Oregon replaces state fire marshal; wildfire death toll grows to 22 on West Coast

Mariana Ruiz-Temple was surprisingly thrust into the role Saturday.

Oregon went to the surprising step of replacing its state fire marshal as devastating wildfires continued to spread across the West Coast on Saturday.

Mariana Ruiz-Temple was thrust into the role of Oregon state fire marshal after Jim Walker was placed on administrative leave for unspecified reasons, according to Oregon State Police Superintendent Travis Hampton, who made the appointment. Walker submitted his resignation after being placed on leave, Portland ABC affiliate KATU reported.

While no reason for the switch was given, Ruiz-Temple immediately steps into a historic fire season. More than a million acres have already burned across Oregon and deaths from the recent spate of fires crossed into double digits Saturday.

"Mariana is assuming this position as Oregon is in an unprecedented crisis which demands an urgent response," Hampton said in a statement. "This response and the circumstances necessitated a leadership change. I have the absolute confidence in Mariana to lead OSFM operations through this critical time. She it tested, trusted and respected -- having the rare combination of technical aptitude in field operations and administration."

The Jackson County Sheriff's Office reported Saturday afternoon that three more bodies had been found among rubble from the Almeda Fire, bringing the total number of deaths attributed to the fire to five. A 41-year-old homeless man was arrested on Friday for setting one of two fires that merged into the Almeda Fire.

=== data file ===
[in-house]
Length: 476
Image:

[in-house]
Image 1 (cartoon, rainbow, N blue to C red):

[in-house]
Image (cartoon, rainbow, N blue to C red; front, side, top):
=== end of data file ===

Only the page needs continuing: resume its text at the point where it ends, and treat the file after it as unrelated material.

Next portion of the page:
The fire has delivered unprecedented destruction to the communities of Medford, Phoenix, Talent and Ashland.

"I’m totally overwhelmed at the enormity of this disaster and it must be horribly difficult to lose everything as happened to thousands of people. I want to do all we can to help," Ashland Mayor John Stromberg wrote in a letter to residents. "The road to recovery is going to be long; this is an ultra-marathon and though many want to start out sprinting we can’t sustain it, so we have to pace ourselves in order to rebuild lives, homes, and businesses with care and compassion."

Ten people have been killed in the recent Oregon wildfires in total.

Four of those deaths, including a 13-year-old boy and his grandmother, came in the Beachie Creek Fire, which grew to more than 186,000 acres on Saturday. More than 30,000 structures, including tens of thousands of homes, are under either Level 2 or 3 evacuation orders due to the fire. Level 2 orders indicate people should be prepared to leave at a moment's notice, while Level 3 evacuation zones should leave immediately.

Oregon fire officials are also dealing with the 130,000-acre Riverside Fire at 0% containment and Lionshead Fire at 138,000 acres and just 5% containment.


As Oregon deals with a shift in command, California is dealing with a never-before-seen scope of destruction.

Uncontained fires have scorched more than 2.8 million acres of land currently, according to the California Department of Forestry and Fire Protection. The 3.2 million acres burned so far this fire season are 27 times more than in 2019 at this date. The August Complex Fire is now the largest in state history, while three other fires this season rank in the top 10 all-time, according to the department.